Catapult and Medieval History Presentation

January 21, 2018 | Author: Anonymous | Category: History, World History, Middle Ages
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CATAPULTS Physics, Background and History

Definition  A machine that converts POTENTIAL ENERGY into mechanical motion or KINETIC ENERGY”  Comes from the Greek word “Katapultos,” meaning “shield crusher”  AKA: Siege Engine or Siege Machine

The Invention  The catapult, as we would recognize it today, was invented by the Greeks about 399 BC but various forms were found in central Asia much earlier than that  During the war with Carthage, Dionysius of Syracuse produced the Gastraphetes or “belly bow” catapult

The Invention continued…  By 330 BC two distinct types of catapults emerged  One fired javelins (spears) called a Euthytonon  The other was the stone throwing Palintonon

How was it used in Medieval times?  First we need to understand the society of the Middle Ages  Fear was rampant (AKA: Dark Ages)  There was huge disparity between the rich and poor (Feudalism)  Castles were constructed to protect nobles (& peasants but only during crisis)

Castle construction     

Moat Draw bridge Portcullis Guard tower/ Barbican Murder holes


Catapult AKA

Siege Machine or Siege Engine  What is a siege?  One army surrounds an enemy, keeping help, goods and water from leaving or entering the castle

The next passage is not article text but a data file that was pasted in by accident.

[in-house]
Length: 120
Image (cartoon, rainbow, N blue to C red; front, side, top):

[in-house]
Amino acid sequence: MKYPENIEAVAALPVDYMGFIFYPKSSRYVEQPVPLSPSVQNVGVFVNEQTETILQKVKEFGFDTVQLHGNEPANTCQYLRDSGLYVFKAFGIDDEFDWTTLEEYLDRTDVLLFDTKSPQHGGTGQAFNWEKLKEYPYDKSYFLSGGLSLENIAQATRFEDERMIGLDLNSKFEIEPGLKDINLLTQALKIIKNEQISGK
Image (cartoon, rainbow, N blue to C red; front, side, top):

Medieval warfare  Infantry (usually the poor)  Archers (trained/ paid military)  Battering Ram  Psychological warfare  Flaming shrubbery and brush Dead, diseased bodies Heads of tortured victims

Battering Ram

Catapult Structure & Design A typical catapult has each of the following:  Arm  Base  Elastic Force  Fulcrum

 Most catapults were made of wood  The elastic force provided by twisted rope, springs, saplings  The fulcrum is the point of support for a lever- which in the case of a catapult is the arm

Factors Affecting Distance  Mass of object being hurled  Strength & flexibility of arm  Mass of arm  Length of the arm  How far the arm is pulled back  Angle of base or release (best angle?)  Small transfer of energy into distortion

Types of Catapults  Roman design and others found during the Medieval period

Ballista  Roman  Double armed – like a bow  Shot large spears or javelins

Mangonel or Onager

 French  “Engine of War”  Typical catapult

Trebuchet  French meaning “to stumble”  Used a sling with the arm  Extremely accurate  Most advanced of all catapults

Fixed Counterweight Trebuchet

Swinging or Hinged Counterweight Trebuchet

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